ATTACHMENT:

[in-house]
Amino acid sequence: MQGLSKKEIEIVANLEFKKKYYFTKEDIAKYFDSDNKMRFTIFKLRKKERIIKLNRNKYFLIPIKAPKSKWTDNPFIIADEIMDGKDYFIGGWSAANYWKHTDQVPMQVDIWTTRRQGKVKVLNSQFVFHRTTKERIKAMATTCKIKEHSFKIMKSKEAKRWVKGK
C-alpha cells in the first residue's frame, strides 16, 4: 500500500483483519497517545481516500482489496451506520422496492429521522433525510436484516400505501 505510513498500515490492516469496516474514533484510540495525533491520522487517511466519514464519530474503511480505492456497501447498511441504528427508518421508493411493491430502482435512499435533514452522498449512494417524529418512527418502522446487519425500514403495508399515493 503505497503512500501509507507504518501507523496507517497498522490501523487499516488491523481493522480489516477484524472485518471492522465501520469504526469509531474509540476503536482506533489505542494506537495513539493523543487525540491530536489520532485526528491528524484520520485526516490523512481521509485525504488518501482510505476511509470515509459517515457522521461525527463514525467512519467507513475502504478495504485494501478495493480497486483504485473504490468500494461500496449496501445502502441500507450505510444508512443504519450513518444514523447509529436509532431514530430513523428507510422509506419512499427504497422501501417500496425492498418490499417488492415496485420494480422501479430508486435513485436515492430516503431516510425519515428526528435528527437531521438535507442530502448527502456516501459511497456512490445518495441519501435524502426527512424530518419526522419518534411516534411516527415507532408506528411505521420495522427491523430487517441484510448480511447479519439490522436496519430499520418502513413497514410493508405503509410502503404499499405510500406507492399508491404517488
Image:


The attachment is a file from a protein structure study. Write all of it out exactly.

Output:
[in-house]
Amino acid sequence: MQGLSKKEIEIVANLEFKKKYYFTKEDIAKYFDSDNKMRFTIFKLRKKERIIKLNRNKYFLIPIKAPKSKWTDNPFIIADEIMDGKDYFIGGWSAANYWKHTDQVPMQVDIWTTRRQGKVKVLNSQFVFHRTTKERIKAMATTCKIKEHSFKIMKSKEAKRWVKGK
C-alpha cells in the first residue's frame, strides 16, 4: 500500500483483519497517545481516500482489496451506520422496492429521522433525510436484516400505501 505510513498500515490492516469496516474514533484510540495525533491520522487517511466519514464519530474503511480505492456497501447498511441504528427508518421508493411493491430502482435512499435533514452522498449512494417524529418512527418502522446487519425500514403495508399515493 503505497503512500501509507507504518501507523496507517497498522490501523487499516488491523481493522480489516477484524472485518471492522465501520469504526469509531474509540476503536482506533489505542494506537495513539493523543487525540491530536489520532485526528491528524484520520485526516490523512481521509485525504488518501482510505476511509470515509459517515457522521461525527463514525467512519467507513475502504478495504485494501478495493480497486483504485473504490468500494461500496449496501445502502441500507450505510444508512443504519450513518444514523447509529436509532431514530430513523428507510422509506419512499427504497422501501417500496425492498418490499417488492415496485420494480422501479430508486435513485436515492430516503431516510425519515428526528435528527437531521438535507442530502448527502456516501459511497456512490445518495441519501435524502426527512424530518419526522419518534411516534411516527415507532408506528411505521420495522427491523430487517441484510448480511447479519439490522436496519430499520418502513413497514410493508405503509410502503404499499405510500406507492399508491404517488
Image: